We continue to demonstrate our commitment to Catholic Social Teaching, as modelled to us by Jesus. Our fundraising for Project Compassion through Caritas culminated in our mini-fete on Foundation Day (March 22). Once again we were proud of the significant amount of money our school community raised. We rejoice in the enormous contribution of our East Timorese Immersion Group, who ventured to help the underprivileged in Timor for our ninth journey to this beautiful country. Preparations are already underway for the ten year anniversary in 2019! Recently our VCAL team have returned from Brewarrina, after a week of community service and engagement with the underprivileged in that region. The VCAL team are developing a proud tradition of community service in that area of Australia. In the same week we had a brave group of students and two staff members participate in the annual Winter Sleep Out. This involved sleeping rough for one night to show solidarity forthose who are homeless. The following week we also hosted a number of schools from across the Diocese in a Just Leadership Day. All of these events are underpinned by Catholic Social Teaching, in particular, (i) the need to preserveand keep sacred the dignity of the human person and (ii) a basic moral test to look after our most vulnerable members and put the needs of the poor and vulnerable first.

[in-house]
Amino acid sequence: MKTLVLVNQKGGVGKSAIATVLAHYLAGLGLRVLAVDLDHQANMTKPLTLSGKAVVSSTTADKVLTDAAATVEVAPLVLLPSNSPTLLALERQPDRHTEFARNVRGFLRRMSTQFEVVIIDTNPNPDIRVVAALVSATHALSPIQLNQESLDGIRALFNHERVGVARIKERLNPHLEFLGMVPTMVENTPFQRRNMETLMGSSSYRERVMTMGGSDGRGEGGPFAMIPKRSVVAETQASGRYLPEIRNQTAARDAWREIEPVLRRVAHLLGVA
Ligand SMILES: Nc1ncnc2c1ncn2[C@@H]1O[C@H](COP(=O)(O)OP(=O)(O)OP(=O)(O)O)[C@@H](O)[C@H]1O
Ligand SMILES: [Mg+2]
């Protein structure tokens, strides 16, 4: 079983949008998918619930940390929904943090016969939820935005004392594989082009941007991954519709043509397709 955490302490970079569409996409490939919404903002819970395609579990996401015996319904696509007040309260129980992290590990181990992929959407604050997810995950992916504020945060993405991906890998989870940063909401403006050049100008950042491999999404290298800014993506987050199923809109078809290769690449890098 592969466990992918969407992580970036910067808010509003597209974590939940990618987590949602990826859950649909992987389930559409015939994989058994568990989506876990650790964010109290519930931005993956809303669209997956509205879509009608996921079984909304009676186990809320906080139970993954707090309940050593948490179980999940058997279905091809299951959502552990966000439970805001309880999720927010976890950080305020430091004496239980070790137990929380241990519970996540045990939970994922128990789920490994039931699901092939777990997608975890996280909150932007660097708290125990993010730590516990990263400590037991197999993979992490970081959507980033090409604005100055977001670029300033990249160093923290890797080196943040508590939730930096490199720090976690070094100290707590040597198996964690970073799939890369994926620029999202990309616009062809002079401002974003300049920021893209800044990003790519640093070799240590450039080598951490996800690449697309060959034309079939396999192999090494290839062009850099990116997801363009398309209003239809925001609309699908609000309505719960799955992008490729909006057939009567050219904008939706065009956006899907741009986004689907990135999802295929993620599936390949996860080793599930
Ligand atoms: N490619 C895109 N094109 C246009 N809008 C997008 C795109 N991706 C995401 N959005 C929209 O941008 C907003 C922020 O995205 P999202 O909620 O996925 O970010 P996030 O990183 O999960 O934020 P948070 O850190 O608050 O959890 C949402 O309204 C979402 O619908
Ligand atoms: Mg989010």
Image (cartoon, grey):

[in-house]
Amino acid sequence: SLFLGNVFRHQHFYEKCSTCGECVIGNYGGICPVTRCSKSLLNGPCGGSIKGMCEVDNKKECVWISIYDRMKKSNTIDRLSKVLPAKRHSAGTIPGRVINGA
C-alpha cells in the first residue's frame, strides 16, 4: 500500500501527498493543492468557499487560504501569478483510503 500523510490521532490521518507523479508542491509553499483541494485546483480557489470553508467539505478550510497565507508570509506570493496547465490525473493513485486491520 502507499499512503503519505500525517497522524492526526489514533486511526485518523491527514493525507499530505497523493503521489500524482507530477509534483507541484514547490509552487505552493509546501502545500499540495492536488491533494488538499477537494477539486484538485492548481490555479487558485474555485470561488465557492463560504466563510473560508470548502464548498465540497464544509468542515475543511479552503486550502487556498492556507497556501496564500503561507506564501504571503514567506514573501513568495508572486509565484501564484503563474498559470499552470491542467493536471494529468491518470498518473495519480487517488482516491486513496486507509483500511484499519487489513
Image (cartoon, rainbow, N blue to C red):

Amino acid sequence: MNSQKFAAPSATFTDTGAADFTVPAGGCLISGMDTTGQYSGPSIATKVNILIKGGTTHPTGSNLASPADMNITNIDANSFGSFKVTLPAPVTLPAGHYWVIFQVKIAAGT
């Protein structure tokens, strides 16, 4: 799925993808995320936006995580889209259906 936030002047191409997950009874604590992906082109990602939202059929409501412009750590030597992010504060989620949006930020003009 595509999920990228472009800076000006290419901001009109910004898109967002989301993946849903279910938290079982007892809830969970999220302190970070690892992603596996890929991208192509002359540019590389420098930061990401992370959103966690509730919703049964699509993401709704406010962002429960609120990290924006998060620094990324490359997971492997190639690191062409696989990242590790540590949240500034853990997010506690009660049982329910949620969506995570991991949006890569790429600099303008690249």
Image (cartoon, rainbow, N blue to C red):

Nurturing our Spirituality
In July we held our annual Sabbatical Week. This is a special week for our staff as we take time to reflect and to foster, nourish and nurture our personal spirituality. This included our Staff Spirituality Day where together with the staff of St. Augustine’s Kyabram, we had the privilege of listening to Fr Timothy Radcliffe O.P. Father Timothy is a Dominican friar of the English Province, ordained as a priest in 1971 and former Master of the Order of Preachers from 1992-2001. He speaks regularly around the world on a range of issues and is the author of a number of books, the latest of which is The Hope that is Within You. With this in mind, during the day he helped us explore the concept of hope through two keynote addresses:
1. How does God live in our love?
2. What hope can offer the young?
though the witness of our brothers and sisters in the Middle East.